|"Kudzu, the Vine That Ate the South"|
photo by Kid Doc One on flickr
While trying to tie up some loose ends related to my Great Aunt Mary Louise Vaughan, I discovered that the name Louise was an extremely popular name in her extended family. The name kept popping up, spreading along the branches of the family tree like kudzu vine so prevalent all over the south.
Mary Louise Vaughan (Louise 1) married Walter Dallis between 1943 and 1944. Although they had courted for a number of years, they did not marry until Louise was in her mid-50s and Walter in his mid-60s. The bachelor Walter had always lived in the family home with his parents, later caring for his widowed mother Louiza Leslie Dallis (Louise 2). Louiza Leslie and her husband Leslie W. Dallis (those two Leslies are another story) had six children including a daughter Louise Dallis (Louise 3). That meant that for a number of years in this small, central Georgia town, there were two ladies named Louise Dallis, mother and daughter. Furthermore, my Great Uncle Walter Dallis, at various times, had a mother, a sister, and finally a wife, all named Louise Dallis.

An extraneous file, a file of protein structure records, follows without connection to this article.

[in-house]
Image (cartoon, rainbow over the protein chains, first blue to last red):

Spreading out a little further, Walter's sister Louise Dallis (Louise 3) married Emery Robert Park prior to 1920. Turns out that Emery Park's step-mother was named, you guessed it, Louize (Louise 4). So, Louise Dallis Park had a mother and a mother-in-law both, sharing her name of Louise, and there were two women named Louise Park, mother-in-law and daughter-in-law.
Looking further into the Dallis family was an interesting experience, my first time searching without a direct blood relation being involved. I first started exploring these Louises by checking some of the "shaking leaves" showing up in Ancestry and Family Tree Maker hints. Quickly I discovered that Louise 1, 2, or 3 would show up as a hint for one of the other Louises. The more I explored, the more interesting it became, especially as I learned that two of the Dallis brothers married two of the Leslie sisters, yet another story. Hopefully, you like your in-laws in a family such as this.
Through the years, I have seen many wonderfully original and creative names among my students. Maybe the uniqueness of their names 100 years from now will help future genealogists who will be exploring their family trees. Meanwhile, I will keep my eyes open for any other Louise tucked away in this branch of the family tree.